I made a couple of decoupage vases the other day, and thought you might be interested in a quickie tutorial - since I bet we all have several of those plain glass vases that come with our flower deliveries.
It had been several years since I decoupaged anything, and I'll warn - if its your first time trying to decoupage, maybe skip using a vase, and try this on a flat surface, like a table-top. The process is the same, no matter what you are decoupaging. The difference is that adhering to a flat surface is a little easier, as you can smooth out the paper. With the curved surfaces of a vase, its a little trickier. But, still easy enough for a beginner (don't let me scare you out of trying this).
So the first thing you want to do is choose the paper you want to use. I used plain old scrap-booking paper.
Then I poured some Mod Podge into a plastic container. Mod Podge is the brand I use - but there's several to choose from at your local craft store. It's very similar in consistency to regular white school glue. You'll need a sponge brush or a regular paint-brush will work too.
Dip your brush into the glue. Not too much, just a small amount until you feel comfortable working with it.
Next take your piece of paper, cut to whatever size you choose, and put the paste on the side you want to stick to the vase. For me it was the white side of the paper. Cover the entire piece with glue, making sure to get even the edges. Don't worry, I worked on the granite counter, and the glue wiped right up with a wet rag.
Put the sheet on the vase and smooth it down onto the glass.
Don't spend too much time positioning for perfection...because you'll want to quickly cover the entire piece you just layed down with a layer of mod podge. Smear it over the whole piece of paper. You'll notice how it now lays and adheres to the glass much better.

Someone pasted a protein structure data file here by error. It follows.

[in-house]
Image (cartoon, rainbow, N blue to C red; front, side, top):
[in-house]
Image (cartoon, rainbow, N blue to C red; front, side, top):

Smooth out as many of the wrinkles and air bubbles as you can with your brush or your fingers.
I folded the edges at the bottom of the vase down and pasted them into place too.
Cut your next sheet and repeat the process. For this square-shaped vase, I used 4 sheets and pasted them all on. It was a quick and easy project. For the vase below, it was a bit more time consuming, because I chose to paste small pieces on, using the flowers on this paper.
But, the process was the same: cut the paper to the size and shape I wanted, paste the back-side and put it down on the glass, cover the entire piece of paper with a layer of mod podge, and smooth it out.
The glue will dry clear after a few hours. Obviously, you don't want to get the outside of the vase too wet, or the glue can come loose. And you wouldn't want to stick the flowers to the inside of the vase unless you were only planning on putting in dried flowers or branches that don't need water.
Here's how the vases looked the next morning after drying:
And here they are today - ready to be given to Saxon's teachers for Teacher Appreciation Day. He signed the bottom of each vase with permanent marker, and we made little tags with their names on them.